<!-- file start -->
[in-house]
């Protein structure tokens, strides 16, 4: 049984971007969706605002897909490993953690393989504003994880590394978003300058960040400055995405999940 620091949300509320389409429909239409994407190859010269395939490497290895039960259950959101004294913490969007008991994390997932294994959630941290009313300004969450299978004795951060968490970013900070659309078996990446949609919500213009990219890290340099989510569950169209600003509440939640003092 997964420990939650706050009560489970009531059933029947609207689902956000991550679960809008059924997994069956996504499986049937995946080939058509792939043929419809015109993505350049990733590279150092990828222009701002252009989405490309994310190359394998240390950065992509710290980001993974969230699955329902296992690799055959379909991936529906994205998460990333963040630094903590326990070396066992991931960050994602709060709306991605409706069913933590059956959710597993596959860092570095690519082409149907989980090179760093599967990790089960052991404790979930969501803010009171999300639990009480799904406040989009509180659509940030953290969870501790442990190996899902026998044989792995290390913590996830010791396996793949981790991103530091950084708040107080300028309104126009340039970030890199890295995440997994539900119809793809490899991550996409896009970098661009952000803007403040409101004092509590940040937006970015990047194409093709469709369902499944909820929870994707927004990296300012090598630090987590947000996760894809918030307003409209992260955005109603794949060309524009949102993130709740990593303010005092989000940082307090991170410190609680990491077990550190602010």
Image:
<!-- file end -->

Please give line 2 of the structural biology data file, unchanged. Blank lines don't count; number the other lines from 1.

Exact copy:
């Protein structure tokens, strides 16, 4: 049984971007969706605002897909490993953690393989504003994880590394978003300058960040400055995405999940 620091949300509320389409429909239409994407190859010269395939490497290895039960259950959101004294913490969007008991994390997932294994959630941290009313300004969450299978004795951060968490970013900070659309078996990446949609919500213009990219890290340099989510569950169209600003509440939640003092 997964420990939650706050009560489970009531059933029947609207689902956000991550679960809008059924997994069956996504499986049937995946080939058509792939043929419809015109993505350049990733590279150092990828222009701002252009989405490309994310190359394998240390950065992509710290980001993974969230699955329902296992690799055959379909991936529906994205998460990333963040630094903590326990070396066992991931960050994602709060709306991605409706069913933590059956959710597993596959860092570095690519082409149907989980090179760093599967990790089960052991404790979930969501803010009171999300639990009480799904406040989009509180659509940030953290969870501790442990190996899902026998044989792995290390913590996830010791396996793949981790991103530091950084708040107080300028309104126009340039970030890199890295995440997994539900119809793809490899991550996409896009970098661009952000803007403040409101004092509590940040937006970015990047194409093709469709369902499944909820929870994707927004990296300012090598630090987590947000996760894809918030307003409209992260955005109603794949060309524009949102993130709740990593303010005092989000940082307090991170410190609680990491077990550190602010």